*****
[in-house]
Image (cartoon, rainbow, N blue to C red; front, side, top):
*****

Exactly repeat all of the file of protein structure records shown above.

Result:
[in-house]
Image (cartoon, rainbow, N blue to C red; front, side, top):